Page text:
Dongbu Announces New Herkulex Servos
Dongbu Robot, makers of the Herkulex line of servos and the Hovis humanoid kits, has announced two new servos: the DRS-0401, packing 40 kg cm of torque, and the DRS-0601, at 60 kg cm. That means the DRS-0601 could lift 60 kg (that’s 132 pounds, for the luddites) with a lever arm of 1 cm, or lift 6 kg at a distance of 10 cm. These new servos complement the existing models, the DRS-0101 (12 kg cm) and DRS-0201 (24 kg cm).
These powerful servos are surprisingly compact: both the new servos have a 35 by 56 mm profile, while the DRS-0401 is 38 mm deep, and the DRS-0601 is 47 mm deep. In addition to the greater strength, the servos also have double the precision of previous ones, with 320 degrees of servo angle divided into 2048 steps (rather than the current 1024).
Both new servos will use the same Herkulex full-duplex serial communications protocol. These servos have the unique ability to go to a specified position, over a precisely specified amount of time — and with a single command packet, you can drive many servos to their targets all at once, or over different time periods. Over 50 adjustable parameters let you control the acceleration and deceleration curves, the PID (feedback) loop, and much more. In addition, like any modern smart servo, Herkulex servos can report back to the host computer on their current position, temperature, torque load, and so on.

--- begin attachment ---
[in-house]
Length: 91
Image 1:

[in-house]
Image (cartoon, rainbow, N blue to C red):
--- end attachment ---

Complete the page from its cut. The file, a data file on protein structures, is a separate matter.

In case you hadn’t noticed, I’ve become a big fan of the Herkulex servos. Their engineering and customer support are both top-notch, and their prices are the same or better than other brands. I really like the smooth, compact form factor, as well as their very sensible firmware and communications protocol. See my previous post on getting started with Herkulex servos, and watch this blog for an upcoming post on controlling Herkulex servos from an Arduino. But when you get into larger humanoids (say, pushing 1 meter tall or more), 24 kg cm just isn’t enough torque. So I’m quite excited to see Dongbu coming out with the powerful servos larger robots need; it means that you can start with something Hovis-sized, and work your way up to bigger bots later, without having to change your code or assembly techniques.
For more details, see this news story. Prices for the new servo have not been set yet, but I’ve been assured that they will compete very favorably with comparable servos from other manufacturers. Anticipated release date is January or February 2013.